[Bioc-devel] A geneSet data class for facilitating GSEA
Mark W Kimpel
mwkimpel at gmail.com
Sun Mar 18 17:33:15 CET 2007
I'm going to jump in here on the GSEA direction of change issue as a
molecular biologist. I can think of examples where it would be relevant,
and important to test for, and examples where it would be totally
I am currently involved in research searching for genes involved with
preference for alcohol. We may want to use a geneSet that consists of
all the genes known to be directly involved in dopamine transmission in
the brain. Because these genes may be up or down regulated in some
unknown pattern because of feedback loops, direction of change would be
irrelevant. We just want to know if, on average, dopamine related genes
are differentially expressed. It may be that one receptor subunit is
up-regulated and another down-regulated, we wouldn't know any of this a
On the other hand, suppose we wanted to construct a geneSet with a set
of genes found significant in a mouse experiment and then see if this
geneSet was significant in a GSEA analysis of our rats. Although it may
not be, here the pattern of up/down may be important if pathways are
similarly different between preferring and non-preferring lines. In this
situation it would be nice to be able to test with both options, i.e.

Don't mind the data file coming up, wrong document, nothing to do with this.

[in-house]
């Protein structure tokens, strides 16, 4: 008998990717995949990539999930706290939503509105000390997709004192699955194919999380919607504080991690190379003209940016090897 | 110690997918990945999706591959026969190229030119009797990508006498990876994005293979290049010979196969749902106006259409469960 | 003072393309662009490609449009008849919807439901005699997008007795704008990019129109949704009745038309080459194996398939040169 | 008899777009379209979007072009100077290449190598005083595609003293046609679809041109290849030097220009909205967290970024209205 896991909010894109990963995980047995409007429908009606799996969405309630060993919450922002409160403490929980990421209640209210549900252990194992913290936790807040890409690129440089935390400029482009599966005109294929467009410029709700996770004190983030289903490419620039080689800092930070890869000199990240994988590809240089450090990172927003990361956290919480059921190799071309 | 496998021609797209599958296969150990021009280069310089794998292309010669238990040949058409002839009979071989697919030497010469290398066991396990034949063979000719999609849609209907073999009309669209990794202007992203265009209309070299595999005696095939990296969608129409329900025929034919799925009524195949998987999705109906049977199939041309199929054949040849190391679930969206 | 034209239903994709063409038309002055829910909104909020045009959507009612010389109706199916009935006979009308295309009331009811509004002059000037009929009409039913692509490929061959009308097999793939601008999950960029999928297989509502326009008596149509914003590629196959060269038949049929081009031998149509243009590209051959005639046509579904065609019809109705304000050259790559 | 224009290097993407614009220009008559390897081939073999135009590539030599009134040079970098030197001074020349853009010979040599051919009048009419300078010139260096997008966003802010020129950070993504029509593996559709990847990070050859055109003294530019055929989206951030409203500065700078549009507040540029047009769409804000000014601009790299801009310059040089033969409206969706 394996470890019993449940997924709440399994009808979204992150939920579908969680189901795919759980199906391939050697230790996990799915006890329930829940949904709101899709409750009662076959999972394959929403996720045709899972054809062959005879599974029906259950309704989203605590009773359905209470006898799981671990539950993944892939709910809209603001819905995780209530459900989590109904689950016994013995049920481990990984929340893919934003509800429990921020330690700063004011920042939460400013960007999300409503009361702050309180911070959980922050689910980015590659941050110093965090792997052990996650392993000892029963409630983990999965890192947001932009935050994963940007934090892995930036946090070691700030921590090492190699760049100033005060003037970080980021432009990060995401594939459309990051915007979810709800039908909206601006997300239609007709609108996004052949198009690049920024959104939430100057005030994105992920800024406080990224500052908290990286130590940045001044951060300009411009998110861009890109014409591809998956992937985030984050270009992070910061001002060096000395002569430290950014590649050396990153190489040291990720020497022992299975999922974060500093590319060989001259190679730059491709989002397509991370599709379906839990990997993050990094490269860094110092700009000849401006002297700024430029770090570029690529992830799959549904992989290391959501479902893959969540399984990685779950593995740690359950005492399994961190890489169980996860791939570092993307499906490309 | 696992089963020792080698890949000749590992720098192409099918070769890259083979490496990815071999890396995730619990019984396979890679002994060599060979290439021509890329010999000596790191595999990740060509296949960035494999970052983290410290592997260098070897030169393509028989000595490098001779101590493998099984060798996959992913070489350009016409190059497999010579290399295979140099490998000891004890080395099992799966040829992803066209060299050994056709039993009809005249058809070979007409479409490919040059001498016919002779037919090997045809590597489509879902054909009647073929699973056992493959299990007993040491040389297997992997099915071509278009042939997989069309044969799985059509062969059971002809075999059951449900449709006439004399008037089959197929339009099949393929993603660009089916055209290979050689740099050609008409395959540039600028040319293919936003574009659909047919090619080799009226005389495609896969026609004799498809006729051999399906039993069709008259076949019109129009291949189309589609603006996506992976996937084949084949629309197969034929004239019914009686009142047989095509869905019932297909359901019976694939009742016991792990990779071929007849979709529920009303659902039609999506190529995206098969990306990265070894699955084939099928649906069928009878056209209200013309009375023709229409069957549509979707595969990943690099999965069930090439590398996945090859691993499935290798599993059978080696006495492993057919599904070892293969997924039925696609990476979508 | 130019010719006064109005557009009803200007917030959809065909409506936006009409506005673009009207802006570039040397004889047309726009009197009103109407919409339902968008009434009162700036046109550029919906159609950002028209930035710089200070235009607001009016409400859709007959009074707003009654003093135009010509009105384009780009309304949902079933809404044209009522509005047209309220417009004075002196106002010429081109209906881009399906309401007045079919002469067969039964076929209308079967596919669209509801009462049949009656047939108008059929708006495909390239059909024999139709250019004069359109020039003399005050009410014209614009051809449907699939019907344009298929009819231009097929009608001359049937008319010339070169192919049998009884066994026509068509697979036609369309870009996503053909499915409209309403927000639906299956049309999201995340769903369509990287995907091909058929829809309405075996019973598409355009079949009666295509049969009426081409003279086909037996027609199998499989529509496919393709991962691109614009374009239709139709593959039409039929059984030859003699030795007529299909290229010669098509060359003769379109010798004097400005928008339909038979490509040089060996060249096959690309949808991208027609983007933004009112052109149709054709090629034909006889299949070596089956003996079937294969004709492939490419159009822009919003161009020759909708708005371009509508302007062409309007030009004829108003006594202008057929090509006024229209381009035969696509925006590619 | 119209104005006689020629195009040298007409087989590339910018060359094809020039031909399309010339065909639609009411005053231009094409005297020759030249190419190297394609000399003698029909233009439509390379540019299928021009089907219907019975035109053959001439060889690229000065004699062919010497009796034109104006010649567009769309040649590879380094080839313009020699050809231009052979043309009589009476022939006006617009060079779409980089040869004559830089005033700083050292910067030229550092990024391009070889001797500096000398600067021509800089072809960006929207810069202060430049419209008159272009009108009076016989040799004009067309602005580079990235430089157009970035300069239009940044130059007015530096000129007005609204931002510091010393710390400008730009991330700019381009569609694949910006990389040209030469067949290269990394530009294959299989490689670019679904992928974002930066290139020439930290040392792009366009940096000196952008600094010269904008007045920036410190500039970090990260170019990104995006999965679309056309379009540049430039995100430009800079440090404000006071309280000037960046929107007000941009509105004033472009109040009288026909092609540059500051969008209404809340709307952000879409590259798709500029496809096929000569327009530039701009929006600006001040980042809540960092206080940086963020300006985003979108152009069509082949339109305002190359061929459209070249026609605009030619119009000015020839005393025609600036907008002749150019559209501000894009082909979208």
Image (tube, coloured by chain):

with directionality taken into account and without it.
One way to do this would be for the geneSet object to contain a slot
(attribute) that indicates whether the geneSet has directional
information in it or not. Another slot would be a string describing how
the phenotypes used to construct the geneSet are related to the
directionality of individual genes (example: "Direction of change is
with respect to alcohol preferring vs. non-preferring, with +1
correlating with increased expression in the preferring phenotype and -1
to decreased expression.").
To make the use of this directionality optional, the GSEA algorithms
would look at the slot for directional information (TRUE/FALSE). If
FALSE, the a non-directional test would be applied, if TRUE, then a
function argument would have to state whether to use directional
information or not (TRUE/FALSE).
Certainly you developers would have a better handle than I on how to
implement this, but I thought I would jump in and give an idea of how an
end-user might use this information.
And sorry if I messed up the thread on this discussion, I get the digest
of the developer newsgroup.
Mark W. Kimpel MD
Department of Psychiatry
Indiana University School of Medicine
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